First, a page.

Nineteen CF children and ten controls were assessed. Subjects attended on a single occasion, when clinically stable, and were assessed with SF6 MBW,1 plethysmography, spirometry, HP 3He MRI and 1H MRI. Patients with CF also underwent inspiratory and expiratory chest CT.5 All subjects had FEV1 z-score>−1.96 and were aged between 6 and 16 years old. To test for significant differences between the healthy control and CF patient groups, two-tailed paired tests were performed to reflect the age-matching of data. Sensitivity was defined as the presence of an abnormal measurement (ie, not within the normal range for that measurement) in the presence of the diagnosis of CF. This assumes that all patients should have some abnormality in at least one measurement, which may not be true in this population with very mild clinical expression of CF, and therefore provides a conservative estimation of sensitivity of the lung assessments. This study was approved by the National Research and Ethics Committee (REC 12/YH/0343) and parents/guardians provided written informed consent.


Full demographic and outcome data are presented in the online supplement. Patients with CF had early-stage lung disease, with no significant differences between CF and controls for any lung function measures except lung clearance index (LCI) (figure 1). In controls, no ventilation or structural abnormalities were detected on either 3He or 1H MRI (see online supplement). Both 3He MRI quantitative measures were however significantly increased in patients with CF when compared with controls (figure 1). Ventilation heterogeneity and obstruction seen with ventilation-MRI generally corresponded to anatomical abnormalities detected by CT (see online supplementary figure S4). In several instances, however, ventilation defects were present on ventilation-MRI with no corresponding features of structural pathology detectable on CT (figure 2).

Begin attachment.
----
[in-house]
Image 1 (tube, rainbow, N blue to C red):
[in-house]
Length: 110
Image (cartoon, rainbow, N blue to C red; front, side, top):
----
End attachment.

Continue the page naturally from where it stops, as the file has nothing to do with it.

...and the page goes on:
Figure 1

Comparison of lung physiology and ventilation imaging metrics for healthy controls and patients with cystic fibrosis (CF). Each point represents a single subject; error bars represent group means and 95% CI of the means. (A) FEV1 z-score and (B) FEV1/FVC z-score derived from spirometry. Horizontal dotted line indicates a z-score of zero. (C) Sitting lung clearance index (LCI) and (D) supine LCI from multiple breath washout. Horizontal dotted line represents upper limit of normal LCI. (E) Unventilated lung volume percentage (UVP) and (F) mean coefficient of variation (CV) of ventilation imaging signal, from 3He MRI.

Figure 2

Hyperpolarised gas MRI and CT imaging: examples of discordance in patients with cystic fibrosis (CF). Each row represents a single unique patient with CF, with equivalent slices from hyperpolarised gas MRI, CT and 1H MRI in the columns from left to right. In the first subject (A–C), 3He MRI showed heterogeneous ventilation with widely distributed patchy, semiventilated defects (A). CT for this slice was normal (expiratory, shown in B) and 1H MRI (C) was normal throughout. In the second patient with CF, small, subsegmental defects were observed throughout the lungs with 3He MRI (D). CT for this slice was normal (expiratory, shown in E), but elsewhere showed lingular atelectasis and minimal air-trapping. 1H MRI was normal for this slice (F) but showed lingular atelectasis elsewhere. In the final patient, several small ventilation defects were seen on 3He MRI (G), while CT (inspiratory, shown in H), 1H MRI (I) and lung clearance index were all normal.